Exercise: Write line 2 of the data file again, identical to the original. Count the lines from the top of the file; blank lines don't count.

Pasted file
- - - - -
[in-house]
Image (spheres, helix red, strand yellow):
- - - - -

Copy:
Image (spheres, helix red, strand yellow):